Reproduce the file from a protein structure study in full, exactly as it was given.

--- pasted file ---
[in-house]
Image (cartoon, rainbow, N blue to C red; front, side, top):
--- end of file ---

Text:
[in-house]
Image (cartoon, rainbow, N blue to C red; front, side, top):